A German-born immigrant to the United States, Charles Wimar painted The Abduction of Daniel Boone's Daughter by the Indians while working in Düsseldorf with the famed history painter Emmanuel Leutze. Fascinated by the American frontier, Wimar focused during this period on images of Native American conflicts with settlers, in particular the theme of captivity and abduction, as portrayed here. This theme appeared widely in the popular literature and visual arts of the eighteenth and nineteenth centuries, in which it was fashionable to mythologize the struggles of the frontier with exotic portrayals of the West and Native Americans. Wimar's painting, like others of the time, reinforces notions of Native Americans as savage and white settlers as cultivated and divinely ordained - a notion that helped justify white colonization of the West. Inspired by Daniel Bryan's epic poem The Mountain Muse, Wimar here depicted three natives seizing Jemima Boone as she picks wildflowers along the Kentucky River. Also drawing on traditional religious imagery, Wimar portrayed the captive young woman in the pose of a praying saint or martyr, further suggesting the piety and innocence of Christian Europeans and the aggressiveness and barbarity of Native Americans.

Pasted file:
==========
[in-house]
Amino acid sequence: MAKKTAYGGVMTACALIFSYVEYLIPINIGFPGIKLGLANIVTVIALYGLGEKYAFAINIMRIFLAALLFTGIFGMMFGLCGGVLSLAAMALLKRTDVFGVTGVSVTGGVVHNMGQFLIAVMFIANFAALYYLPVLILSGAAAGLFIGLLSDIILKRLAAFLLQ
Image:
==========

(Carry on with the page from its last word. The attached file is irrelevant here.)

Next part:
The Kemper Art Museum has received a $36,000 grant from the Institute of Museum and Library Services (IMLS) that will support a detailed conservation study of paintings in the Museum's permanent collection.